And the best bit? Lacey and the African Grandmothers is based on true events, real people, and the Stephen Lewis Foundation’s Grandmothers to Grandmothers campaign.

The Blue Helmet by William Bell

This ie one of my catch-up posts from the 48 Hour Book Challenge. I don’t know why it took me as long as it did to read this one–William Bell is pretty consistently awesome, and I do try to read most of the Canadian kids and YA award winners. Maybe because I thought it had more to do with gang life than it does, and I wasn’t in the mood for something gritty. Anyhow, I’ve unreservedly recommended it to several people since then, and I’m glad I finally did read it.

BlueHelmetLee’s used to being on his own. His mom died of cancer when he was seven. His dad has worked two jobs for years, trying  to pay off the trip to Italy that was the last thing he could do for his dying wife–a trip where Lee got left behind with his aunt.

Lee doesn’t need his family. He tells himself he doesn’t need anyone, but he’s still trying to get into the toughest gang in his neighbourhood. When his initiation ends with Lee in the back seat of a police car, he’s forced to face up to the fact that someone betrayed him and tipped off the cops. It just confirms what he already knows. You can never show weakness or give in. You have to stand up and fight for yourself because no-one else will.

Lee gets lucky. Instead of jail time, he finds himself facing exile, sent away from Hamilton to live with his Aunt Reena in the town of New Toronto. Lee’s hugely resentful at first, but gradually finds himself drawn into the routine, and into the lives of the regulars at Reena’s Cafe Unique. Some of them are college students, some of them are down on their luck, and others are just plain wierd. When Lee starts delivering meals for Reena by bike, he gets to know Andrea the pharmacist, Krantz, a meterology buff, and Cutter, a paranoid, possibly schizophrenic conspiracy theorist.

Lee finds Cutter fascinating. Cutter has a brilliant mind, top-notch computer equipment, and when he’s taking his medication and having a good week, he’s eccentric. And amazingly enough, he trusts Lee. But when everything changes abruptly and irrevocably, Lee starts to put together Cutter’s story and finds his own life profoundly altered as a result.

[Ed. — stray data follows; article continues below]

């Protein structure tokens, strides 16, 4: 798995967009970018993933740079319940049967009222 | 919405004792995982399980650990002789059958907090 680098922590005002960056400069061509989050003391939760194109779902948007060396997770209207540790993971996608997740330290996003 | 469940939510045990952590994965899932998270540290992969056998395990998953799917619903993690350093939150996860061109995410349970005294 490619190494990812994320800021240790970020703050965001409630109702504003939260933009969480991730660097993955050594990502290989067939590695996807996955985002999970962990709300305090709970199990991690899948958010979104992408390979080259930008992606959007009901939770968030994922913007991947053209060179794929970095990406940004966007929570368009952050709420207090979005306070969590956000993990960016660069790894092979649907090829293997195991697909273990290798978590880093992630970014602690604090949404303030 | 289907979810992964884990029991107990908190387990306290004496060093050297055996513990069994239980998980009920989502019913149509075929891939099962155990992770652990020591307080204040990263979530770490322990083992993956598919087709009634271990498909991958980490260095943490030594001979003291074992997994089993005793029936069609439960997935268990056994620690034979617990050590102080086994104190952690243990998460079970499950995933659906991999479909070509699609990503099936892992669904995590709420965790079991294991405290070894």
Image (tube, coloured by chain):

William Bell packs an awful lot into a deceptively skinny book. This is a story of choices, of redemption, and of the far-reaching consequences of violence. It’s also a well-paced, fast-moving book starting in the back of a police car. Lee could have been a totally unsympathetic character, but knowing where he’s coming from and seeing the decisions he makes is part of what makes this such a powerful story. And when I realized where exactly the title came from, it was blindingly obvious, and perfectly fitting.

Inferno by Robin Stevenson

Book eight of the 48-hour Book Challenge binge! I’ve been looking forward to this one for a while, but award committee reading and library books with other people on the hold list have taken precedence. (And thank you again, Robin, for getting me an ARC!)

inferno-small Dante doesn’t really have any friends at her new high school. Last year, she didn’t need to–she had her best friend Beth, who, though no-one else knew, became her girlfriend. that was when Dante was still Emily, before she changed her name legally. She tells her mocking English teacher that she picked her new name because high school is hell. That goes over about as well as you would expect. Though it’s not the real reason, Dante has a lot to deal with right now. Her mom is fussing about her attitutde and that she’s cut off all her hair, and has signed her up for a social skills group for teenage girls. Beth has cut off all contact. Her English teacher is a bully, and her school is full of brain-dead stereotypes. But then a strange girl shows up at school, and mutely slips her a note reading “WOOF, WOOF. YOU ARE NOT A DOG. WHY ARE YOU GOING TO OBEDIENCE SCHOOL?” Dante is fascinated by both the girl, Parker, and the note. She quickly becomes drawn into Parker and her friends’ anti-authoritarian hijinxs. But as time goes on, Dante begins to see that Parker’s boyfriend is abusive, and may be willing to go much further to change the world than anyone else suspects.

I think this is probably the strongest of Robin Stevenson’s books that I’ve read so far–she’s really cut down on the number of themes and subplots in this one, which makes for a much stronger story overall. Fortuitously, it’s also got the coolest cover–although I’m not taking A Thousand Shades of Blue into consideration since I haven’t read it yet. It’s nice to see a book with a gay teenager protagonist where her orientation is essential to who she is and to the plot, but it’s not a coming-out story. The tension and the stakes mount as the story progressses, and the characters are all unique, believable individuals. It left me wanting more of Dante’s story at the end, but not in an unfinished way–which is a good thing.